Since he founded Pakistan Tehreek-e-Insaf (PTI) in 1996 at the age of 44, Imran Khan has been the consummate “young man” of Pakistani’s politics which has increasingly become an old man’s game, as politics is in most countries. PTI supporters attest that Imran Khan’s passion, eloquence and passionate belief in reform of Pakistan’s internal and foreign policies make up for the fact that his international “experience” has been on the cricket pitch rather than in the halls of government.
At the age of 65, Imran Khan still exhibits the youthful energy of an “opposition survivor” who has seen many opponents come and go. But today, a man who inherited the leadership of the Pakistan People’s Party (PPP) at age 19 is extremely young by the political leadership standards of any country. Bilawal Bhutto Zardari had often been written off by observers when he stepped in to fill the shoes of his late mother Benazir Bhutto who was tragically assassinated in 2007.
Since then, Bilawal has matured into his role and has been campaigning for Pakistan’s forthcoming general elections in a spirit of optimism, that in some ways mirrors that of Imran Khan. While the attitudes and backgrounds of both men are different, it is eye-opening that in a country whose politics is so often dominated by the old, the men leading Pakistan’s two main opposition parties both represent a “young” Pakistan – Bilawal because he is extremely young himself and Imran Khan because his political movement took shape when he himself was still younger than the average political leader.
While most polls show that a battered PML-N will come out on top in this summer’s election, anything could still happen between now and then. As I wrote earlier today,
“Pakistan’s elections aren’t going to produce a victory for an unknown quantity in the style of Trump in the US, Brexit in the UK and the young Sebastian Kurz in Austria – all of which were absurdly blamed on “Russian meddling”. Based on current opinion polls, the Pakistani elections will be notable for the second largest party switching from the centre-left/progressive Pakistan People’s Party to the populist, big tent Pakistan Tehreek-e-Insaf (PTI). By this same logic, the ruling Pakistan Muslim League (Nawaz) [PML-N] appears like it will retain power.
Of course, as it is in every parliamentary system, it is the arithmetic of the votes that counts more than absolute popularity. There is a very strong possibility that the PML-N may need to coalesce with smaller parties to form a government, which would not be a difficult matter to achieve in any case, assuming past allies of the PML-N perform on-par with the last election cycle. What is more interesting, is whether a PTI/PPP coalition could form.
At the moment this seems unlikely for several reasons. First of all, previous attempts have failedmiserably, leading to open squabbles and allegations flying between PTI and PPP big wigs. Secondly, PPP leader Bilawal Bhutto Zardari has ruled out coalescing with any party, although Germany’s SPD said the same and now they are set to form a coalition with their CDU opponents. Finally, there is the matter of PTI’s credibility. PTI’s charismatic leader, former cricket superstar Imran Khan has built a career on trashing all of the establishment parties and therefore could damage his “outsider” image, were he to do what many opposition parties do and jump at a chance to attain some degree of power via a coalition with an older party, whether this is the PPP or the PML-Q.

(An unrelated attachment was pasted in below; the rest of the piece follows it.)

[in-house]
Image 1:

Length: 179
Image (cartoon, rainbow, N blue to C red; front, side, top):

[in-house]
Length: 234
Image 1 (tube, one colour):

Thus far, all of these matters concern internal issues pertaining to Pakistan’s parliamentary system. But this is where the big Russia lie could come in. The US which coined the contemporary “Russia meddles in elections” narrative, has a history of meddling in Pakistani political transitions, often with blood soaked results. Today, Pakistan is more confident and independent than in the past, but it is also in the midst of a serious downturn in relations with the US”.
A recent interview that Bilawal conducted with RT shows some remarkable similarities between himself and Imran Khan on major foreign policy issues. Both have condemned the countryproductive role the US is playing in Afghanistan, both have spoken of a need to re-establish positive relations with Iran, both speak positively about China’s steadfast friendship with Pakistan (as any sane Pakistani politician would, and while the issue of Syria remains partly tainted with sectarian suspicions of the past, both have stated their opposition to US actions taken against Syria.
Many PPP supporters will be quick to point out that the PPP’s position on embracing multipolarity comes from a more sincere historic position than Imran Khan’s more populist overtones. However, if PTI could swallow its “outsider pride” and align with the PPP, if this would amount to the creation of a broadly progressive coalition that could govern without the PML-N. In this sense Imran Khan could lend the credibility to a would-be PPP partner that comes with personal age, while a pact with the PPP could provide a level of mature status to the politically young PTI.
If such a post-electoral pact were to happen, this could mean that the country could benefit from an internal win-win political arrangement, assuming that both party machines could agree to overcome the accusations of the past. Parliamentary politics often leads to surprising coalitions among former rivals that is unknown in strong presidential systems or in states where one party remains dominant. In Paksitan though, there is real potential for a wider progressive alliance should the electoral results and broadly progressive ideologies be able to over come the skulduggery of party politics.
Blow is Bilawal Bhutto’s interview with RT’s Sameera Khan where he outlines his incredibly intelligent foreign policy positions.